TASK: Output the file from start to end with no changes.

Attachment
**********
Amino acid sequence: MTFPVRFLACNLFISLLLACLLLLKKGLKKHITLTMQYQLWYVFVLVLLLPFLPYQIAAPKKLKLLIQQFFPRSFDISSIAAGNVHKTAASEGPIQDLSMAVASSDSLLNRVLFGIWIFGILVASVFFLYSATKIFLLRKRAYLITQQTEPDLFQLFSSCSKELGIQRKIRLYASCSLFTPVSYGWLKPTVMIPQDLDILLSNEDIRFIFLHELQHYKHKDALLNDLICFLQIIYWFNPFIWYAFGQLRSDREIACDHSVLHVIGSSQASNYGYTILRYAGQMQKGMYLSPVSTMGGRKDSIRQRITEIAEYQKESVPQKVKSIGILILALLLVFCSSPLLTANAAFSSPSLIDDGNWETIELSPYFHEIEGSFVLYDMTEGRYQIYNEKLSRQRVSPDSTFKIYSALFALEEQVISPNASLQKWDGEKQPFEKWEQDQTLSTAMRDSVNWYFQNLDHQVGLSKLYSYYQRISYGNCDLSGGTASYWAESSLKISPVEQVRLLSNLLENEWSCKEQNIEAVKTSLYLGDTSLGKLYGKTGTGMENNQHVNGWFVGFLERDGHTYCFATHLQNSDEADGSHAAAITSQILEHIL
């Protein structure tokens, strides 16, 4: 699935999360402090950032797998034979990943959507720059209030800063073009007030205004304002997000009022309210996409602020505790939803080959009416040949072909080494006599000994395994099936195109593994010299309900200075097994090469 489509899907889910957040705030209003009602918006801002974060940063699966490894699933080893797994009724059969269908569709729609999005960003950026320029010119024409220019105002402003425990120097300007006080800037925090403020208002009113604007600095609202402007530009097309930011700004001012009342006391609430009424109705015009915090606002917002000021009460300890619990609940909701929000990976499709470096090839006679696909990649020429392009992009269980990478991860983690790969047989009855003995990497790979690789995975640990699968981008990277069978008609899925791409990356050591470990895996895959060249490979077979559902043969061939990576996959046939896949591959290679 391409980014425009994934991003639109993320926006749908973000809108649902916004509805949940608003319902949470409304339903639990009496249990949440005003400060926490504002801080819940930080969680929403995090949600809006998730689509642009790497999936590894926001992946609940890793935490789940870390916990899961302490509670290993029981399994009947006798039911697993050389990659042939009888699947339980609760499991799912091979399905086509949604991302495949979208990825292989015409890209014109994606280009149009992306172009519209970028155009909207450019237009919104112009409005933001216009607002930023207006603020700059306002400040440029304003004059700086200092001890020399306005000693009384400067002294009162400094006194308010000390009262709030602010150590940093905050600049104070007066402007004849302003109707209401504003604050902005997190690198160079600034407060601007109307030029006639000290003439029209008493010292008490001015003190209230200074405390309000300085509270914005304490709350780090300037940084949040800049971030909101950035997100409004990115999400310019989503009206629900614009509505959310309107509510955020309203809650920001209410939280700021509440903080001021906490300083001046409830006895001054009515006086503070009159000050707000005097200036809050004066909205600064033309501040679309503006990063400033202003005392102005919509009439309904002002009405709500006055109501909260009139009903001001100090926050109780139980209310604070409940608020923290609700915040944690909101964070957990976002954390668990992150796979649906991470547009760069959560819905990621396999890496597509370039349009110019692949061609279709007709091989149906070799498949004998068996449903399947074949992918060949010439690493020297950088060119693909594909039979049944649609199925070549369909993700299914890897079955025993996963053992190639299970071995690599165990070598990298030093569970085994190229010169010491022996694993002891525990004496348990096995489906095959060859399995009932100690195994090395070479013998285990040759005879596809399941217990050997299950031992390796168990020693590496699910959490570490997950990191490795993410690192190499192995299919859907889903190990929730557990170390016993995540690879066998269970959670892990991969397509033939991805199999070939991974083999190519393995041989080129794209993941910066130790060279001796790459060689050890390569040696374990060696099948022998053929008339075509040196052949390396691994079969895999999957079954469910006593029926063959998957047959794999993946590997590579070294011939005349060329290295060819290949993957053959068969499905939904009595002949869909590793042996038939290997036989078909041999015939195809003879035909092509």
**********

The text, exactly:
Amino acid sequence: MTFPVRFLACNLFISLLLACLLLLKKGLKKHITLTMQYQLWYVFVLVLLLPFLPYQIAAPKKLKLLIQQFFPRSFDISSIAAGNVHKTAASEGPIQDLSMAVASSDSLLNRVLFGIWIFGILVASVFFLYSATKIFLLRKRAYLITQQTEPDLFQLFSSCSKELGIQRKIRLYASCSLFTPVSYGWLKPTVMIPQDLDILLSNEDIRFIFLHELQHYKHKDALLNDLICFLQIIYWFNPFIWYAFGQLRSDREIACDHSVLHVIGSSQASNYGYTILRYAGQMQKGMYLSPVSTMGGRKDSIRQRITEIAEYQKESVPQKVKSIGILILALLLVFCSSPLLTANAAFSSPSLIDDGNWETIELSPYFHEIEGSFVLYDMTEGRYQIYNEKLSRQRVSPDSTFKIYSALFALEEQVISPNASLQKWDGEKQPFEKWEQDQTLSTAMRDSVNWYFQNLDHQVGLSKLYSYYQRISYGNCDLSGGTASYWAESSLKISPVEQVRLLSNLLENEWSCKEQNIEAVKTSLYLGDTSLGKLYGKTGTGMENNQHVNGWFVGFLERDGHTYCFATHLQNSDEADGSHAAAITSQILEHIL
């Protein structure tokens, strides 16, 4: 699935999360402090950032797998034979990943959507720059209030800063073009007030205004304002997000009022309210996409602020505790939803080959009416040949072909080494006599000994395994099936195109593994010299309900200075097994090469 489509899907889910957040705030209003009602918006801002974060940063699966490894699933080893797994009724059969269908569709729609999005960003950026320029010119024409220019105002402003425990120097300007006080800037925090403020208002009113604007600095609202402007530009097309930011700004001012009342006391609430009424109705015009915090606002917002000021009460300890619990609940909701929000990976499709470096090839006679696909990649020429392009992009269980990478991860983690790969047989009855003995990497790979690789995975640990699968981008990277069978008609899925791409990356050591470990895996895959060249490979077979559902043969061939990576996959046939896949591959290679 391409980014425009994934991003639109993320926006749908973000809108649902916004509805949940608003319902949470409304339903639990009496249990949440005003400060926490504002801080819940930080969680929403995090949600809006998730689509642009790497999936590894926001992946609940890793935490789940870390916990899961302490509670290993029981399994009947006798039911697993050389990659042939009888699947339980609760499991799912091979399905086509949604991302495949979208990825292989015409890209014109994606280009149009992306172009519209970028155009909207450019237009919104112009409005933001216009607002930023207006603020700059306002400040440029304003004059700086200092001890020399306005000693009384400067002294009162400094006194308010000390009262709030602010150590940093905050600049104070007066402007004849302003109707209401504003604050902005997190690198160079600034407060601007109307030029006639000290003439029209008493010292008490001015003190209230200074405390309000300085509270914005304490709350780090300037940084949040800049971030909101950035997100409004990115999400310019989503009206629900614009509505959310309107509510955020309203809650920001209410939280700021509440903080001021906490300083001046409830006895001054009515006086503070009159000050707000005097200036809050004066909205600064033309501040679309503006990063400033202003005392102005919509009439309904002002009405709500006055109501909260009139009903001001100090926050109780139980209310604070409940608020923290609700915040944690909101964070957990976002954390668990992150796979649906991470547009760069959560819905990621396999890496597509370039349009110019692949061609279709007709091989149906070799498949004998068996449903399947074949992918060949010439690493020297950088060119693909594909039979049944649609199925070549369909993700299914890897079955025993996963053992190639299970071995690599165990070598990298030093569970085994190229010169010491022996694993002891525990004496348990096995489906095959060859399995009932100690195994090395070479013998285990040759005879596809399941217990050997299950031992390796168990020693590496699910959490570490997950990191490795993410690192190499192995299919859907889903190990929730557990170390016993995540690879066998269970959670892990991969397509033939991805199999070939991974083999190519393995041989080129794209993941910066130790060279001796790459060689050890390569040696374990060696099948022998053929008339075509040196052949390396691994079969895999999957079954469910006593029926063959998957047959794999993946590997590579070294011939005349060329290295060819290949993957053959068969499905939904009595002949869909590793042996038939290997036989078909041999015939195809003879035909092509």